I was shocked to learn that Facebook (allegedly) puts profits over people. Or I would have been if I knew nothing about Facebook or American capitalism. “Profits over people” is a core principle of how our economic system operates, right up there with “money talks.”
While Facebook has weathered numerous controversies in the past, it might finally face serious consequences for its alleged misdeeds. In many ways, the testimony of Frances Haugen served to confirm views about the harms and dangers of Facebook and its associated products, such as Instagram. Most importantly, she provided a trove of Facebook documents to support her claims.
Pushed into playing defense, Facebook has decided to borrow the playbook used by tobacco companies in response to analogous misdeeds, such as launching ad hominem attacks on whistleblowers and critics . While the tobacco companies and Facebook obviously differ, there are some fundamental similarities. They both profit from products they know are dangerous, with the products often intentionally made more dangerous to boost profits. They also both aggressively target the youth, following an ancient strategy. Like tobacco products, Facebook seems even more harmful for young people, making this targeting even more morally reprehensible. But perhaps the tobacco company analogy will hold in other ways.
After years of deceit, the tobacco industry eventually had something of a judgment day. Many governments began imposing or expanding their regulations, there were huge settlements, and a decline in smoking. Some predicted that the days of big tobacco were over. However, tobacco companies proved quite resilient. In 2001 American tobacco companies had $78 billion in revenues. In 2016 this was $177 billion. While cigarette sales are still declining, tobacco stocks have been performing extremely well. Given that Facebook has vast financial resources and an addictive product line, it should be able to do at least as well as the tobacco companies did. While the products are different, Facebook can make use of the strategies and tactics successfully developed and deployed by tobacco companies. They can also afford to buy politicians and talented people to assist them in their efforts. But perhaps there is a critical difference.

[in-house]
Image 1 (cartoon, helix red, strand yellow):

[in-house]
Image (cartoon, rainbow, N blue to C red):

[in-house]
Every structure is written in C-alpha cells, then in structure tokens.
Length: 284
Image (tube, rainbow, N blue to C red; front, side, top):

While Facebook has the cash to lobby, they do not seem to have a loyal cadre of politicians who are dedicated to fighting for them. Tobacco companies, in part because of their economic importance to tobacco growing states, enjoyed (and still enjoy) the advantage of die-hard advocates in Congress and local governments. Facebook seems to have, perhaps, erred by failing to win key allies in government. The right, left and Congress have found something they agree on: they are angry at Facebook and believe that something needs to be done about the company. While there are some shared dislikes, there are some differences. The right got rather mad at Facebook because when the company started to police misinformation, it impacted the right far more than the left. This is for the obvious reason that the American right is a massive generator and consumer of misinformation ranging from the big lie about the 2020 election to lies about COVID. While the left is not composed of moral saints, they generally dislike Facebook because it hurts our democracy and hurts people in general. They also tend to dislike corporations that put profits over people—which is most corporation. It might turn out that Facebook has miscalculated and made enemies of the right and the left (and center), leaving it with little hope of getting allies in this fight. Other than those it can buy. As such, Facebook might face consequences—perhaps some new regulation and perhaps a few fines. We might even be shocked to see a huge corporation face serious consequences for its misdeeds.
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